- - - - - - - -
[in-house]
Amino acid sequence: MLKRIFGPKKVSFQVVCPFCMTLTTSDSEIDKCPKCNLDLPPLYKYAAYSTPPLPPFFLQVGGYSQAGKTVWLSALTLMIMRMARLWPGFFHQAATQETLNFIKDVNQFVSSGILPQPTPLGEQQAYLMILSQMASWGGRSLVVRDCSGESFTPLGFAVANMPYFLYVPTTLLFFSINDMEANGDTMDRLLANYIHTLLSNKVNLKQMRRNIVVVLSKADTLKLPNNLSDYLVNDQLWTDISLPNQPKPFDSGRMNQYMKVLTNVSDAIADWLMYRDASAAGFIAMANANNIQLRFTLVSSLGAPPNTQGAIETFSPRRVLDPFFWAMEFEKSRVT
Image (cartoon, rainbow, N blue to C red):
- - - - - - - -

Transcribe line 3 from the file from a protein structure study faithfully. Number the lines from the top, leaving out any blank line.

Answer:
Image (cartoon, rainbow, N blue to C red):